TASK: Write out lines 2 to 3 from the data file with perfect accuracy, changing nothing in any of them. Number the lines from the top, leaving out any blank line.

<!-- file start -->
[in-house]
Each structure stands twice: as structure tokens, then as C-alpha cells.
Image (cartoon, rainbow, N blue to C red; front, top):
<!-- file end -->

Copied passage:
Each structure stands twice: as structure tokens, then as C-alpha cells.
Image (cartoon, rainbow, N blue to C red; front, top):